Giant 'urban' mammal facing extinction in next five years

Experts warn that the North Atlantic right whale is on the brink of extinction, and unless urgent action is taken they will reach a point of no return in five years.

The large marine mammals have been upgraded to being critically endangered on the IUCN Red List which lists threatened species.

Numbers were decimated by hunting last century, with whaling vessels targeting them due to their high oil content and docile nature.

Close up of a North Atlantic whale tangled in fishing ropes and plastic
A North Atlantic whale tangled in plastic fishing ropes. Source: Nick Hawkins via IFAW

Despite a ban on hunting the species, IUCN assessor Dr Justin Cooke said on releasing his report that the whale’s numbers had been heading downhill for 10 years.

The mammal is thought to have lost 10 per cent of its entire population since 2017, with the shipping and fishing industries believed by conservationists to be responsible for the majority of deaths.

‘Urban whale’ living in ‘busy New York-style environment’

Observed off the Australian shoreline, the southern right whale is estimated to number 10,000 individuals, while the population of its Atlantic cousin, by contrast, is thought to be just 400, with only 100 of them breeding females.

With climate change impacting on food sources, North Atlantic right whales are being forced to migrate into busy shipping channels in Canada where mariners haven’t had to negotiate the animals before.

As a result, the mammals are increasingly been caught in fishing line and being struck by boats, according to Patrick Ramage from International Fund for Animal Welfare (IFAW).

Mr Ramage points to a scientific belief suggesting that the noise from shipping is also thought to be frustrating the animals’ ability to communicate and hunt for food.

Tourists watching southern right whales in South Australia.
Southern right whales (pictured) are thought to number 10,000, while their North Atlantic cousins are believed to have a population of 400. Source: Getty

“It's caused scientists in this part of the world to refer to the North Atlantic right whale as the urban whale,” Mr Ramage told Yahoo News Australia from his US office.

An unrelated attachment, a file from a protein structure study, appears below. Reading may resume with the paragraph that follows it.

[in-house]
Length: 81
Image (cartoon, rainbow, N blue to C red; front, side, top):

“Because it's almost like walking down a busy New York, London or Sydney Street and the hazards posed to pedestrians from moving traffic.

“So the comparison is apt, but it’s a very difficult situation for these whales.”

Plastic fishing rope injuring North Atlantic right whales

Like many marine species, plastic is having a big impact on North Atlantic right whales, but despite our oceans being increasingly flooded with it, they’re not dying not from swallowing the substance.

Fishing ropes that were once made from natural materials are now forged out of plastic, and these near unbreakable lines are cutting deep into their flesh, causing death and injury.

Now 83 per cent of the remaining 400 animals show scars from the rope.

A dingy filled with rescuers heads towards an North Atlantic whale calf caught in rope.
Rescuers head towards a North Atlantic right whale calf tangled in nets. Source: IFAW

“Those are scars on their bodies from where ropes have cut into their flesh,” Mr Ramage said.

“For those unfortunate enough to be seriously entangled, they are unable to free themselves.

“The whale essentially spirals and tries to get out of this gear that it feels on its body, entangling itself worse as it does so, and ultimately fins, or part of the tail can be severed.

“It was less of an issue when it was hemp rope, because it would just rot and fall off, or the whale would be strong enough to break free.

“With this plastic polypropylene line, either the animal is starving to death because its mouth is wrapped closed and can't feed properly, or (the rope) cutting more and into its flesh, causing infection or loss of limbs.

“It's just a gruesome and horrible way to die, arguably much worse than being dispatched with a harpoon as in days of yore.”

Race to prevent whale extinction

A glimmer of hope remains for North Atlantic right whales, with the Canadian government adopting ship speed restrictions around some whale paths.

IFAW have developed an app with Apple and Google which they say will help mariners track and avoid migrating whales.

In the US, conservation groups are now pressuringCongress to develop new technologies to reduce human impact on the mammals.

This would involve adopting fishing equipment that eliminates the vertical ropes responsible for many of the whale injuries.

This year, of the 10 calves born this season, two have been killed in the US, and with a minimum yearly birthrate of 15 to 20 required to prevent extinction, the whale is in serious trouble.

Unlike land-based animals, breeding large marine mammals in captivity is not a viable option, and so if the North Atlantic right whale becomes extinct in the wild, it will be no more.

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